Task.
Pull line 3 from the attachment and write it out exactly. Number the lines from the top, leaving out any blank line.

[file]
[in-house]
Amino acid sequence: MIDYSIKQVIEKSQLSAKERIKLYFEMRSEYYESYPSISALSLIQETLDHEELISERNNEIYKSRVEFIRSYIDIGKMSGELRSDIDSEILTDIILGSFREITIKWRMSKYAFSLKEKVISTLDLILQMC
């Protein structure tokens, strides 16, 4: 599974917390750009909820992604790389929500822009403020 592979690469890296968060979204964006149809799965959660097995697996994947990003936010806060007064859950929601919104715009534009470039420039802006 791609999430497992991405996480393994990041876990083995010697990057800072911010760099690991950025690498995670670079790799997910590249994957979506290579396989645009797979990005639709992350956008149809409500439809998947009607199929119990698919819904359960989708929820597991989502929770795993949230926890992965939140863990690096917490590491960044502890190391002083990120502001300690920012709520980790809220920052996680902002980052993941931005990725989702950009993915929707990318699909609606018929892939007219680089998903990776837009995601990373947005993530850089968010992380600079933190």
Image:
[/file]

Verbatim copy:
């Protein structure tokens, strides 16, 4: 599974917390750009909820992604790389929500822009403020 592979690469890296968060979204964006149809799965959660097995697996994947990003936010806060007064859950929601919104715009534009470039420039802006 791609999430497992991405996480393994990041876990083995010697990057800072911010760099690991950025690498995670670079790799997910590249994957979506290579396989645009797979990005639709992350956008149809409500439809998947009607199929119990698919819904359960989708929820597991989502929770795993949230926890992965939140863990690096917490590491960044502890190391002083990120502001300690920012709520980790809220920052996680902002980052993941931005990725989702950009993915929707990318699909609606018929892939007219680089998903990776837009995601990373947005993530850089968010992380600079933190």